Hackers are coming after the legal profession. Run! Hide! Or join them?

The term ‘hacker’ is being used in a growing numbers of circles, and not in reference to some sort of scene from a movie about a coder (or group of coders) accessing data without authorization. This new connotation of hacker involves someone who pushes the boundaries of what is and is not possible in a clever or playful way. Taken broadly, many lawyers are hackers. They revel in cleverly navigating to a successful victory, and, especially in front of the Supreme Court, they probe the boundaries of what is and is not law. But community-defined parameters have constrained the boundaries of legal practice to a very distinct space, which has remained (mostly) untested until recently. In case you haven’t noticed, the giants in the legal technology world are racing to make their interfaces more user friendly. But as this article noted, the user interface is not the only problem; there is a fundamental issue with the search function and the way some of the data is presented. It doesn’t stop there. Big law firms have also been looking for ways to alter basic tenets of their structure, like fees, personnel, pay, and leadership. To date, these changes are small and have very little effect on the traditional confines of practice.

Today, however, hackers are breaking free from the framework that have limited lawyerly innovation. The legal profession is being ‘hacked.’ By integrating law into a technological structure, instead of integrating a technological structure into law, companies are redefining the boundaries of legal practice. This is vital in the post-recession legal market, where clients demand leaner and more cost-effective legal service with the same standard of quality.

Take, for example, a Y Combinator-backed startup called Clerky, which was featured in TechCunch when it launched last march. Clerky’s customers can easily file all the legal paperwork needed to get a startup off the ground. The ‘hack’ here is in how easy–and inexpensive–the founders Chris Field and Darby Wong have made the process. Users only need to enter the email address of the people required to sign the paperwork, as well as some basic information about the company. Clerky takes care of the rest by emailing the people involved and allowing them to electronically sign and date the documents. For about $400, a user can complete the incorporation process in Delaware, and, for $300 more, the standard post-incorporation documents are included as well (e.g., Action of Incorporator, Bylaws, Initial Board Consent, Restricted Stock Purchase Agreement, Notice of Stock Issuance, pre-filled 83(b) Election and Filing Instructions, and Confidential Information and Invention Assignment Agreement).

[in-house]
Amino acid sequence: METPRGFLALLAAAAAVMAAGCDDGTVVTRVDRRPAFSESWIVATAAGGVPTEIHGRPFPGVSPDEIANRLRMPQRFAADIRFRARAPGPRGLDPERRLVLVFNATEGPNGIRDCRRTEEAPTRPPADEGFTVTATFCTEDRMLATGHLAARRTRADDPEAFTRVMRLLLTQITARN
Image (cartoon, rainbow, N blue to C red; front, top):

Another standout hack is best described as the ‘Wikipedia of law.’ The startup, Casetext, allows users to access legal documents and help with the annotation process, essentially, crowdsourcing legal research and analysis in an attempt to take on Lexis and Westlaw on cost–and maybe even on quality. This could be a gold mine if the legal community uses it as a tool to advance legal knowledge; but it might be a disaster if no one uses it, or worse: it resembles the haphazard, wild-west-style collaboration process for which Wikipedia has been criticized. Either way, this idea is functionally a ‘hack’ and is helping redefine the relationship between technology and the law.

Traditional legal fees and the billable hour are not going to be safe (to the extent that they still are) for much longer, especially as innovators build on the accomplishments of startups like SimpleLegal. There, founders Nathan Wenzel and Patrik Outericky are working to make the legal billing process more transparent by giving users a platform for analyzing a firm’s bill in search of errors and overbilling. The ‘hack’ is that the data collected allows SimpleLegal to anonymously aggregate bills across customers in order to more effectively standardize the process.

So the hackers have started to arrive. What will you do? Run? Hide? Or join them? Whatever you choose, let us know in the comments or on Twitter @VandyJETLaw!

–Zac Parsons

PS – Check out a few of these honorable mentions: Judicata (featured in TechCrunch and on CNNMoney), Ravel Law (discussed here and here ), Rocket Lawyer (featured in TechCrunch and on VentureBeat).

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2 Responses to Hacking the Legal Profession

  1. Zachary Loney says:

    As a followup, Here is a link to Professor J.B. Ruhl’s blog on the “Law Practice in 2050″ course he is teaching this semester.

    Insights on the “New Normal” from Law Firm Managing Partners and Corporate Counsel

  2. Zachary Loney says:

    Great post. Hopefully you are enrolled in E-Discovery or Law Practice in 2050. Vanderbilt seems to be doing its best to prepare us to keep pace with the rapidly changing landscape.

    Coming from a software background, I am excited to see the development of these solutions. They were a long time coming and, at least in the short term, it looks like our wave of graduates will be tasked with figuring out how they fit into the practice of law.

    Established firms are beginning to take notice and it should only be a matter of time before they bring the old guard around. Even if they don’t adopt the new tools and processes wholesale, they can foster a culture that would allow eager tech-savvy lawyers to pilot the programs and prove their worth.